Update 2015-10-06 – VMware just released a new update named ESXi 5.5 Update 3a (build number 3116895), which fixes the snapshot consolidation bug.
More info at http://kb.vmware.com/kb/2133825 and download at https://my.vmware.com/group/vmware/patch#search (or using VUM).
VMware released a new security advisory on Thursday warning about three separate security vulnerabilities affecting ESXi and/or vCenter Server (http://www.vmware.com/security/advisories/VMSA-2015-0007.html)
All three vulnerabilities are remotely exploitable over the network (or at least so it seems judging by the very brief description in the advisory). This means that they need to be taken very seriously, especially in environments where the ESXi hosts and/or the vCenter Servers are reachable over the network from other servers or client machines.
Those of you who don’t have segmented networks with restricted access to ESXi hosts and vCenter Servers run a much greater risk of getting hit by hackers or malware exploiting these security flaws, and thus need to get the patches in place much quicker. (I will assume here that nobody has their core vSphere environment reachable from the internet in any way, but if you do, please give us a call and we’ll help you redesign it in a more secure way.)
The first vulnerability affects all ESXi 5.x versions (not ESXi 6.x), and the patch that needs to be installed is either only the security patch itself (see the advisory for details) or the corresponding “Update Bundle”, which is U3 for 5.5, U3b for 5.1 and U3e for 5.0.
The problem with ESXi 5.5 U3 is that it also contains a newly discovered problem where you run the risk of having VMs crash during snapshot consolidation. For this reason we recommend that customers running ESXi 5.5 only apply the security patch (ESXi550-201509101), and not the entire Update Bundle U3.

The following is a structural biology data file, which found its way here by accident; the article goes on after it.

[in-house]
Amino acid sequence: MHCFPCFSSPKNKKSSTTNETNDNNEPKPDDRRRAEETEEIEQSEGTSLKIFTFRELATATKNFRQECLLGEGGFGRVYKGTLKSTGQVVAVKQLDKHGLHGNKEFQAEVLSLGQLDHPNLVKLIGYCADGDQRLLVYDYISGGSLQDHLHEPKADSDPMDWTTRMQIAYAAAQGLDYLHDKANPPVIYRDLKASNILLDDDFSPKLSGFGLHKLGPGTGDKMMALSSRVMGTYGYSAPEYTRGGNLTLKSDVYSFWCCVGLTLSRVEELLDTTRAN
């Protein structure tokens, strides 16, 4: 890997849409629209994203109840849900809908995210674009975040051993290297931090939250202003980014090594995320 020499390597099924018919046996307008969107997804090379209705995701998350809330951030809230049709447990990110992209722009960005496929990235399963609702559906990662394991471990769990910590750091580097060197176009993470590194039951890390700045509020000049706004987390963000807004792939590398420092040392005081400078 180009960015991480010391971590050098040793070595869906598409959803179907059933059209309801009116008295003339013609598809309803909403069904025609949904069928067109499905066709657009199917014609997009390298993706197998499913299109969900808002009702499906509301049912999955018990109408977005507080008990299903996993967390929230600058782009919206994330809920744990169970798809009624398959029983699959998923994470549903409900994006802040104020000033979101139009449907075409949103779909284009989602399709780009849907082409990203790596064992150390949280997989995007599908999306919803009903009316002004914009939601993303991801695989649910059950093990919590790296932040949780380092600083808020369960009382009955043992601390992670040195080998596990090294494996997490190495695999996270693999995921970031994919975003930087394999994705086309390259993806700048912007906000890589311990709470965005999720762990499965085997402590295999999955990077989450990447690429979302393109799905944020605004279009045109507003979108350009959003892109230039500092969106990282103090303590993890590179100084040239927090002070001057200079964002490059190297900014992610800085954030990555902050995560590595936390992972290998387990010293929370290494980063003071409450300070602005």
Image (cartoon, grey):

At the time of writing we don’t have any confirmation whether the snapshot bug is present in the security patch build 3029837 or if it’s only present in the U3 build 3029944. Keep an eye on this blog post for details, as they are released.
The second security vulnerability affects vCenter Server and is also a remotely exploitable flaw, which makes it urgent to patch (depending partially on your network segmentation setup). Upgrade your vCenter Servers to 6.0 U1, 5.5 U3 (no bug in this one), 5.1 U3b or 5.0 U3e, respectively.
The third vulnerability affects vCenter Server and allows a remote denial of service, and you might already be patched against it, since it’s fixed from the following versions: 5.5 U2, 5.1 U3, 5.0 U3e. (6.0 is not affected).
As always, we recommend that you test your patches in a part of your environment for a period of time before rolling them out to the entire environment, just to make sure there are no other bugs affecting your infrastructure.
If you have any questions around patching or need help redesigning your environment or processes to mitigate these security threats in the future, don’t hesitate to contact us.